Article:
Crossing the Chasm is widely referenced as a must-read in the field of digital marketing. The book is premised on the following observation – the point of greatest peril in the development of a high tech market is making the transition from an early market dominated by a few visionary customers, to a mainstream market dominated by a large block of customers who are predominantly pragmatist in orientation.
Geoffrey Moore introduces the concept of the technology adoption lifecycle (image below). Markets have a number of distinct customer types, including:
The underlying thesis with these various customer types is that tech is absorbed into any given community in stages, corresponding to the psychological and social profiles of various segments in that community.
The high-tech marketing model suggests that you work the curve from left to right, using each captured group as a reference base for launching marketing into the next group. The key is to make this process as smooth as possible.
However, as you can see in the image above, there is a crack in the bell curve between the early adopters and the early majority. This is because early adopters do not make good references for the early majority. As a result, when marketing to the early majority, you are operating without a reference or support base in a market that is highly reference and support oriented. This is problematic because part of what defines a high-tech market is the tendency of its members to reference each other when making buying decisions.
One of the key lessons here is that the longer your product is in the market, the more important the service element is to the customer. To achieve this, you must design out as much as possible that the service demands, and ensure that the services yields an improved user experience.
To cross the chasm, you want to start by targeting a very specific niche market where you can dominate from the outset. From here, drive competitors out of that market niche, and then use it as a base for broader operations. The key is an abundance of support into a confined market niche. Put differently, you want to focus on a highly specific goal that is both readily achievable, and also capable of being directly leveraged into long-term success. Targeting a specific niche leads to word-of-mouth leverage, and also makes it easier to achieve market leadership. You want to start with a strategic market that, by virtue of its other connections, provides a strong entry point into one or more adjacent segments.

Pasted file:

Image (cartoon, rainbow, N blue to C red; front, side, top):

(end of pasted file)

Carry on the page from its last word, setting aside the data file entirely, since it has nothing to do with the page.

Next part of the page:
Figuring out which niche market to target is a high risk, low data decision. The rule of thumb is that you want to pick a market that is big enough to matter, small enough to lead, and a good fit with your crown jewels.
Once you have selected a market, you want to surround your core product with a whole product that solves for the targets customers problems from end to end. Design the whole product by working backwards from the target customers use case.
Moving to competition – you want to define the battle. Pragmatist customers insist on seeing viable competition. Alongside the technology adoption lifecycle, the nature of competition will change dramatically. Initially, competition comes from alternative modes of operation, i.e., inertia. In the pragmatist domain, competition is defined by comparative evaluations of products and vendors within a common category.
In some cases, you may have to “create” your competition, by positioning your product within a buying category that has some established credibility with pragmatist buyers. To appeal to their values, use the competitive positioning compass (image below).
Use 2 competitors to create competition – a market alternative and a product alternative. Market alternatives call out the budget and thus the market category, whilst product alternatives call out the differentiation you offer.
The final stage is launching the invasion. The goal here is to set pricing at the market leader price point, thereby reinforcing your claims to market leadership. You must also build disproportionally high rewards for the channel into the price margin.
If successful, you will be in a position to leave the chasm behind. The post-chasm enterprise is bound by the commitments made by the pre-chasm enterprise. The best solution is to avoid making the wrong kind of commitments during the pre-chasm period. Obviously, this won’t always be practical. And finally, the purpose of the post-chasm enterprise is to make money. Until breakeven cash flow is achieved, nothing is secure.